Wednesday, September 20, 2006

Bridling my tongue

I have been trying stop criticizing people. Not only verbally but in my thoughts. I want to practice a love that sees the person beyond the mistakes. There were words to express what I've been feeling about the situation and was came up with nothing. Then, Keith Brenton over at Blog in myOwn Eye gave me the words. I'm going to post the entire thing here because the importance of the words is especially pressing on me. So read this, but also take time and head to his blog and see some of his other posts. It is worth the trip.

Anyone Can Criticize

It's true.

Any idiot like me can have a free blog. Any doofus with two lips and a voicebox who can form words, can form them into criticism of others.

You don't have to be smart, credentialed, unbiased, logical or even a critical thinker in order to be able to criticize.

You don't have to be willing to spend hours in research, or to write or create or dream or do. You don't have to take the time and engage another person's soul in the fine art of friendly persuasion.

All you have to do is know what you like, and what you don't.

You don't have to have a reason for it.

And if you have one, it doesn't have to make sense to anyone but you.

If that.

I don't even know quite what has suddenly prompted this moment of outrage in my soul - maybe it's cumulative - because nothing has really happened in my life of late to nudge it on.

If anything, it's probably a sudden realization that I spend too much of myself in criticism.

It costs nothing. Requires nothing. Generally yields nothing.

And, yes, I'm even talking about constructive criticism. Not just the so-called kind that sugar-coats pure bile; I mean even the best-hearted, best-intentioned kind of criticism.

What does criticism add to anything? At the same time, what can it destroy?

As a general rule, the characters in the Bible, in literature, and in life whom I've encountered spending a lot of themselves in criticism are not my heroes. They aren't happy people. And they don't add to the joy of others.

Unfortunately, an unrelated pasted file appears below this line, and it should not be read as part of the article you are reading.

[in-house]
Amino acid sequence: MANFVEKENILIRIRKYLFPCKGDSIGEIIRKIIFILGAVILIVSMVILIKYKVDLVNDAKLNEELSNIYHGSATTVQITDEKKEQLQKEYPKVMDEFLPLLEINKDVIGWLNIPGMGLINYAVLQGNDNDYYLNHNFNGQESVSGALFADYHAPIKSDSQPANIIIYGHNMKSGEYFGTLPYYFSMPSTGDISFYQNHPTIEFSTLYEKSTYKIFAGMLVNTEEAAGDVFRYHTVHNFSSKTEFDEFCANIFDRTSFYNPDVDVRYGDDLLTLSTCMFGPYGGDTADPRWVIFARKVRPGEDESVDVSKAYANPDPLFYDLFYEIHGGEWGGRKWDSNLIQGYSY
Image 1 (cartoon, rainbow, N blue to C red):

As a general rule.

I don't want to be one of those people.

Criticism is judgment expressed, and it can be helpful or harmful or neither, depending on the recipient(s). But because it is expressed, it's relational - and has power. Criticism is the nitroglycerin of relationships. It can heal hearts. It can explode them.

It is best used in very small quantities by people who are keenly conscious of what they are doing.

I beg your forgiveness if I have been uncritically critical, whether harsh in disapproval or lavish in praise or shruggish in my indifference.

What you create in your life before God and others is among you and Him and them.

It's not that I don't appreciate criticism - especially the thoughtful, caring kind. It's that I don't want to need it. I don't want to feel so compelled to give it.

And I sure-as-judgment don't want to abuse it.

1 comment:

One Sided said...

You know that whole "Walk a mile in the other person's shoes" thing?

Well. . . . I noticed that some people did not take into consideration the uncontrolable influences in my life and their direct negative effect on my actions. A flat tire makes me late, the alarm did not go off, I got so busy I lost track of time, you know what I mean. And I thought "How rude an inconsiderate!"
Then . . . . I caught myself wondering why Joel could not have just alloted a few extra minutes to allow for traffic, or why Jim never seems to have gas money when it is his turn to drive, and it drove me nuts that Cory never calls when he says he will.
And God said to me . . . . "Why should they treat you with any more consideration than you show them?"
To which I replied, "Well at least I try."
So God let me keep the grandkids, and I rediscovered just how long it can take to ge a bunck of little people dressed, fed and out the door (on time). And grandkids are expensive! Not only did we run through my fun money, but the grocery money and gas money! Little did I realize that it would not dawn on the girls to tell me, "Hey Papa there is a message on the phone for you."

I can't wait to see what lesson God has in store for me the next time the kids come to visit.